General How to go about this question?

This is a discussion on General How to go about this question? within the C Programming forums, part of the General Programming Boards category; I'm working on this code that I'm hoping can take a C file and rearrange bad indentation, ignore comments, remove ...

  1. #1
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    General How to go about this question?

    I'm working on this code that I'm hoping can take a C file and rearrange bad indentation, ignore comments, remove whitespace etc to get it to an agreed format.

    Heres what I have so far:
    Code:
    #include <stdio.h>
    #include <string.h>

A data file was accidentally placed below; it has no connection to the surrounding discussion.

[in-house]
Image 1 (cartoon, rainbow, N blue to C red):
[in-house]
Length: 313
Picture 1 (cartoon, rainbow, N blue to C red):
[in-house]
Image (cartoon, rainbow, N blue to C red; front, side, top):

#include <stdlib.h>
    
    char *check=0;
    char ch=!EOF;
    char* compare="int main";
    int i, c, a, indent;
    FILE *input;
    FILE *output;
    
    void Print()
    {
    fprintf(output, "%c", ch);
    }
    
    
    void Check()
    {
    check = realloc( check, i+1 );
    check[i] = fgetc(input);
    ch = check[i];
    if(ch == '\t')
    {
    Check();
    }
    }
    
    void EndofLine()
    {
    for(i = i; ch != '\n'; i++)
    {
    check = realloc( check, i+1 );
    check[i] = fgetc(input);
    ch = check[i];
    fprintf(output, "%c", ch);
    }
    }
    
    void EndofComment()
    {
    i++;
    check = realloc( check, i+1 );
    check[i] = fgetc(input);
    ch = check[i];
    
    if(ch == '*')
    {
    Print();
    EndofLine();
    }else{
    i--;
    }
    }
    
    void MainCheck()
    {
    i++;
    check[i] = '\0';
    int strcmp(
       const char *check,
       const char *compare
    );
    i--;
    }
    
    int main(int argc, char *argv[])